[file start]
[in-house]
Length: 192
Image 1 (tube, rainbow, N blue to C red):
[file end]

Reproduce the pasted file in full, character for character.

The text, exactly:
[in-house]
Length: 192
Image 1 (tube, rainbow, N blue to C red):